Written By John Storkamp – Afton Trail Run Race Director | Above Photo: Fresh Tracks Media
25 years. A quarter of a century. The Afton Trail Run 25KM and 50KM celebrated a milestone birthday this year and coincidentally, we had already planned a party! Enter what might best be described as the Twin Cities, Summer, Trail and Ultrarunning festival and one of the largest, best supported and true-to-its-roots trail and ultra running races in the country. Ahhh, your mid-20’s, you can remember them can’t you? Those were the years that you really started hitting your stride, you had it all going on; independence, a little money in your pocket, the whole world was laid out in front of you, the sky was the limit – it was time to rise above! This years time-honored weekend trips to Afton during the month of June saw innumerable trail runners putting in the hours and the miles in anticipation of and in preparation for this years race. The unrelenting hot and muggy weeks leading into this years event eventually relented with a marked drop in the dew-point and humidity with a breeze coming up just in time for race day as we topped out at 82 degrees. Pleasant race-morning temps led to a near constant refrain of “perfect day”, that could be heard coming from runners and volunteers alike. This is just one of many examples of the slight differences from trail / ultra racing vs long-distance road racing (and no disrespect intended, we love road running too) but the narrative at the start of a road marathon with a projected high of 82 lies in striking contrast to a trail ultra to say the least. Prepared with nearly 1000 lbs of ice cubes chilled on 250 lbs of dry-ice, our 200 fantastic volunteers were more than ready to help their peers tackle the heat, hills, and miles that Afton bestows upon its runners. This is Afton after-all and if the heat doesn’t get you, the 2300 FT of climbing for the 25KM and 4600 FT of climbing for the 50KM will.
Registered: 331, Started: 283 (85%), DNFs 31 (11%), Finishers: 252 (89%)
In the weeks leading up to this years 50KM race, the headlines were deferential (and justifiably so) to the following narrative: “Eve Rukavina-Rembleski, tied for the most wins in Afton Trail Run history as a six time 50KM champion, Open and Masters course record holder, at the age of 50, returns to the race after a five year hiatus in an attempt to capture the Grand Masters course record and to see if she still has what it takes to challenge for the overall win, which would make her the winning’est all time ATR competitor” – whew that’s a mouthful! Knowing Eve as well as we do, we considered the questions inferred by these headlines a bit rhetorical, but in the end, you do have to run the race to see what will actually happen. If you had to put money on anyone for the overall, after doing your homework you would have put it on Eve, and if you would have done as much (as you should have) would have hit the jackpot. And the bounty? The overall and all of the age group records, the most 50KM wins (seven), her first coming in 2006 and this most recent coming a dozen years later, the six fastest times ever run on the modern day course. Dominance. ATR immortality. All this is not to say that Eve wasn’t challenged, Lauren Mitchell capably pushed Eve early, came through the 25KM mark in 2:09 but took her time getting out of the aid station – Eve hit the 25KM split in 2:12 but left the aid station only seconds behind Mitchell. This was likely Mitchell’s biggest mistake, if Eve can smell blood in the water she is going to feast, once famously passing yours truly at the 25KM mark of this very race to take second while nearly catching her slowing husband Duke who was resting in first and placing only two minutes behind him in the end – with another mile and a half she would have caught him as well – simply put, we were all chum and she’s forever the shark. The early hot pace and the obvious let-down that happens when you get passed in that second half of the race, would see Mitchell getting passed not only by Eve but later by Deborah Hudleston who took a slightly more conservative approach to the halfway mark getting there in 2:15 and going on to place second and about 5 minutes Behind Eve with Mitchell rallying and holding on valiantly to come in just a couple of minutes behind Hudleston – it really was a brilliant hard-fought effort from all of these athletes.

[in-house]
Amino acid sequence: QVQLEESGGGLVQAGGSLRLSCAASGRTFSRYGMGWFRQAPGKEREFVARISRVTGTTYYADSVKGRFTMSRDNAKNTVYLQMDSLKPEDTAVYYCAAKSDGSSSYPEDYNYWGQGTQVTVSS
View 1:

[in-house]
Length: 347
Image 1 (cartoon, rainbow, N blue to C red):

Muhammaed Ali once said, “the fight is won or lost far away from witnesses – behind the lines, in the gym, and out there on the road, long before I dance under those lights.” From the outset, the men’s side of the 50K looked a bit like the women’s in that the field was not quite as deep as we have seen in some years, but scanning the list of registered runners it was obvious that the field still did contain some “local champion” level competitors but without any trail / ultra finishes to his credit, the elite level runner who would go on to take the win lurked in anonymity on that list. Former Golden Gopher runner, internal medicine specialist and husband of a professional mid-distance runner Justin Grunewald proceeded with cold calculation to dismantle the existing course record. With no peers on the day, Justin essentially time-trialed to an outrageous time of 3:30:14, shaving just over 10 minutes off of the existing CR – for those breaking out their calculators that is a freakish 6:47 per mile on a course with 4,600FT of elevation gain (about 150ft of gain per mile). Making this even more impressive is to study what it took for his predecessor and former course record holder, Chris Lundstrom who is considered one of the best 50K trail specialists ever from Minnesota (oh, and not to mention, 2:17 marathoner who ran in the Olympic Marathon trails 3 times ) to set a CR that we knew would stand up for quite some time. Chris not only came into the 2013 race in stellar shape, with previous course experience, a plethora of ultra expereience and owning other significant trail CR’s in the state, he had a fast up-and-comer at the time in Michael Borst pushing him hard the entire race that year. Well, turn all that on its head – those on “the Strava” report to me that after a quick review of Grunewald’s training leading up to the race, that this result is no fluke or surprise; he had done what needed to be done behind the lines, in the gym, and out there on the road, long before he danced under those lights. You can and never should diminish any runners that go sub 4:30 at Afton, times like that account for some real dang hard running and 7 runners in total achieved that goal on the day but the nearest competitor to Grunewald was nearly 46 minutes behind, but there were years that Matthew Axelrod’s 4:16 could have won the race. Placing first Master and third overall was long-time trail and road performer (who grew up just down the road in Hastings) Mike Bateman – he credits a strong golf game as one of his secret weapons. As if two course records in the 50K this year were not enough, Jeff Miller of Albert Lea Minnesota was on the mission yet again in an attempt to claim the Afton 50K Grand Masters Course Record, a goal he first set his sights on four years ago, and 6 months after turning 50. Jeff had fallen short three times before, but he got it right this year. Coincidentally, stand-out masters / grand-masters triathlete and trail runner Scott Ross was 53 years old when he set the record that Jeff was chasing having run a 4:27:27 to earn it. At age 50, Jeff ran a 4:51:17, at 51 he ran a 4:28:39, at 52 a 4:36:56 and this year he did it with a 4:23:53 – the lesson, if at first you don’t succeed just try and try and try again – Jeff obviously did what he needed to prior to dancing under the lights as well.